If there’s one thing we’ve learned it’s that, even during a pandemic, British politicians and people will always find time to argue about Brexit.
And in this case, it seems like the issue of chlorinated chicken potentially being on British shelves after Brexit just isn’t going away for the government.
This time, peers in the House of Lords have have slammed the government for not enshrining into law important matters on food and animal welfare standards. This follows pressure from consumers and retailers over the possibility of food standards being lowered in order to strike post-Brexit trade deals with countries outside the EU.
After all, in 2019 the Conservative Party was elected on a manifesto which committed to “not compromise” on the UK’s “high” environmental protection, animal welfare and food standards. Yet last month it was widely reported that the government had done a U-turn and was putting chlorinated chicken back “on the menu” in a post-Brexit trade deal with the USA.
This sparked fury among consumers, and supermarkets including Sainsbury’s, Tesco, Waitrose, M&S and Aldi all issued statements saying they’d never stock chlorinated chicken.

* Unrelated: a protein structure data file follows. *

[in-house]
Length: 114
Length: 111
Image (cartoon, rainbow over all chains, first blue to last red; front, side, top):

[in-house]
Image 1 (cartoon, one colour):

In the House of Lords, peers voiced concerns over the potential contents of the Agriculture Bill, which sets out new policy as the UK exits the EU-wide Common Agricultural Policy.
Shadow environment minister Lord Grantchester said:
The simplest way to decide this matter is by enshrining the UK’s position here in law.
The Conservative voters that read the Conservative Party manifesto can be forgiven for thinking this is what they were going to get when they voted to ‘get Brexit done’.
The Conservative government is happy to enshrine Brexit twice in legislation.
The Conservative government is happy to enshrine the position on Huawei into law.
It is happy to do it again on the wearing of face masks.
I’d welcome the minister’s U-turn on the matter of food standards as well, as soon as he can make it.
Conservative Baroness McIntosh of Pickering said the government has confirmed Britain will not lower its standards:
But I make a plea to the minister that we need fair competition and a level playing field.
We need to give our farmers an assurance that they will not be undercut by imports of substandard farm produce and that their good husbandry will be recognised.
But Lady McIntosh did warn of the "perverse" potential situation where British farmers might adhere to high standards, but then be “undercut” by imports.
Green Party peer Baroness Jones of Moulsecoombe said she was terrified that the government is so “desperate” to secure a US trade deal that it’ll give in to US standards. This sentiment was repeated by former Labour former cabinet minister Lord Hain, who said:
So desperate are the Brexiteers to declare UDI (unilateral declaration of independence) from the EU that they are prepared to prostrate themselves at the door of Donald Trump’s America-first trade and sell-out our farmers while turning a blind eye to environmental degradation and poor animal welfare standards.
As the debate over post-Brexit trade continues, it seems clear that the issue of chlorinated chicken, and food standards more generally, isn't going away for the Tories. And quite right too.